No one takes on a new job intending to leave it; however, many individuals in New York and elsewhere start and leave jobs each and every day. While this can happen for amicable reasons, this is unfortunately not always the case. In some situations, an employee may have left a job due to a hostile work environment, after an employee reported illegal activity or was terminated or disciplined illegally.
Regardless of the situation, employees should understand their rights when they lose a job or leave a job. While employers do not usually need to have a specific reason to fire an employee, they cannot fire or discipline for illegal reasons. This means that an employee cannot be fired as a means of unlawful discrimination or an act of retaliation for reporting an employer or employee for illegal acts in the workplace.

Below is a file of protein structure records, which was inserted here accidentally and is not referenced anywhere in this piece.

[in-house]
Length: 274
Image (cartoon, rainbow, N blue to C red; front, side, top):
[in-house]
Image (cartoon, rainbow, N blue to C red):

In cases when an employment contract does exist, an employer may require a specific legitimate reason to fire you. If no such reason exists or can be proven, this could give rise to a wrongful termination claim.
It is important to note that one of the most important rights an employee has is to be free from discrimination. This means that an employee cannot be mistreated or fired bared on his or her race, national origin, sex, religion, disability and age. Additionally, in some cases sexual orientation and marital status also count. Other illegal reasons for firing an employee include forming a union, being part of a union, complaining about or reporting an unsafe condition, complaining or reporting about illegal activities in the workplace and asserting legal rights.
If you believe your rights have been violated, causing you to be fired or leave a job, it is important to understand your rights. This also means documenting as much of the matter as possible, as this will help evidence the situation. Those dealing with this or any other employment law issue should take the time to understand their options. This could help them file an action and even collect damages arising from the matter.
Source: Findlaw.com, “Your Rights when Losing or Leaving a Job,” accessed April 9, 2017